One of the things that has encouraged, inspired and helped me more than anything else is connecting to a 365 Project group that was loving, encouraging and helpful!!!
These people have KNOWLEDGE and they know what makes a good picture good, and a bad picture bad.
They will give you honest and encouraging comments and criticism to better further your photography skills.
(Tip: Take their opinions into consideration. If you have several people telling you to do something differently, there’s generally a good reason for it. They know what they’re talking about. They most likely have done it themselves and learned from it. I have one person in particular that has helped me more than they know because they kept telling me to change something, I admit I got a little frustrated and had no idea how to do what they said, but they helped me learn what it was and it changed my entire way of Post Processing.)

Look for a group on Flick.com for a 365 Project group to help you.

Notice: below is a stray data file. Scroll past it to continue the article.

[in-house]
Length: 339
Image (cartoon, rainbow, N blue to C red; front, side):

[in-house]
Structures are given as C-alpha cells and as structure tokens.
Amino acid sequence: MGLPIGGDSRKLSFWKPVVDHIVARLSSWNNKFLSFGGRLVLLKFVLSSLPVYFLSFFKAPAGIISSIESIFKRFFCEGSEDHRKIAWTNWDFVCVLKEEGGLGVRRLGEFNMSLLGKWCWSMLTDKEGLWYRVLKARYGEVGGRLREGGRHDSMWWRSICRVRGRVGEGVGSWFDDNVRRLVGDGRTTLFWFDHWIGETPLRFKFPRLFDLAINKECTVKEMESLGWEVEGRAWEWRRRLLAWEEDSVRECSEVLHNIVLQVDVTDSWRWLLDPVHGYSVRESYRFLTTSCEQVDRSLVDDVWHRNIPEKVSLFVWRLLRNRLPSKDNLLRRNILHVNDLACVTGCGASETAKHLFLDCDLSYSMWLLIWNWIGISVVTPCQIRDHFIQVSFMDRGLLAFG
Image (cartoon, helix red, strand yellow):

If 365 (a photo a day) is too much for you try a 52 (a photo a week) group, or a 30 Day challenge group.
Don’t forget to ask for other people’s opinions, or suggestions!

Flickr is also a great place to get inspired!
Go to http://www.flickr.com/explore/interesting/7days/ and look through some of the “Explored” photos. Some days are not as good as others, but on an average day I will find dozens of really amazing photos that inspire me to capture something similar, or that at least spark my own creativity!
(Tip: On the Explore page you can just click ‘refresh’ to find a whole page of new photos!)

Generally, if I find a photo that I really like I “favorite” it and look through the photographers other photos, which then leads me to some more amazing photos. Other times I go through their list of “favorites” which leads me to a completely new photographer and their photos and favorites… etc.